Comparative Negligence

Most accident and injury cases in Florida are based on a theory of negligence. And in most cases the negligence in question was committed by the defendant against the plaintiff. By way of example, a simple case of negligence may involve a car accident where one driver fails to pay attention, then hits another driver who is doing everything right. The negligent driver would, in this example, be responsible to pay for all the damage the other driver suffered.

But imagine for a moment a different scenario. Imagine a driver speeding through an intersection going 30 or 40 miles over the speed limit; now imagine a pedestrian listening to music with earphones and walking through that same intersection against a "Do Not Walk" sign. In this example, the driver hits the pedestrian, causing horrible injuries. Who would pay for the damage? The driver? The pedestrian? It is a scenario like this where comparative negligence comes into play. Essentially, comparative negligence assigns to each person the percentage they are negligent in a case. So if a plaintiff is 20% responsible for the injuries he suffers in an accident because of his negligence, his total jury verdict for damages will be reduced by 20%.

History of the Law of Comparative Negligence

Comparative negligence was not always Florida's law, however. As with all other states in the United States, at one point Florida followed the contributory negligence rule. Under contributory negligence a plaintiff is barred from recovery if their negligence is at all responsible for their injury. So, in the scenario above where the pedestrian was hit by a speeding driver, the pedestrian would be prohibited from recovering anything.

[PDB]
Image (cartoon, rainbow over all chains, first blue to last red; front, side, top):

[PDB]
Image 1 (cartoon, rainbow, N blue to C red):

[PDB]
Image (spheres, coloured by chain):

Contributory negligence is rooted in an English decision from the early 1800s. After that decision, every U.S. jurisdiction, including Florida, adopted the legal principle. But even when Florida adopted the rule, the judge in the case called it unjust and inequitable. Many other jurisdictions felt the same way, but the law was adopted as a common rule nonetheless.

Changes from Contributory to Comparative Negligence

By the 1970s there was a large push to change what was perceived by most as an unfair rule. In fact, Florida was the first to do so by judicial decision. In 1973, the Florida Supreme Court overturned over one hundred years of precedent in Hoffman v. Jones. Among the reasons why the court decided to overturn the rule were:

  • There was true doubt as to whether contributory negligence was a true common law rule.
  • Social upheaval required the court to change the rule of law.
  • The landscape of personal injury law had changed dramatically with the advent of automobile accidents.

Agreeing with the court's decision to change the law, the Florida legislature later passed a law making Florida a pure comparative negligence jurisdiction. This meant that in a case for negligence, a plaintiff's award would reduced by the amount his own negligence contributed to the damages. Most states have followed either this version or something similar to it since.

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